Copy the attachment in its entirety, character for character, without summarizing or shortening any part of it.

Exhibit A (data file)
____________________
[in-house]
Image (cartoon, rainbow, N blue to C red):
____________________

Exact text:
[in-house]
Image (cartoon, rainbow, N blue to C red):